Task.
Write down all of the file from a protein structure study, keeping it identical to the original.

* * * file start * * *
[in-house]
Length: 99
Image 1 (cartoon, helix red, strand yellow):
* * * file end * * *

[in-house]
Length: 99
Image 1 (cartoon, helix red, strand yellow):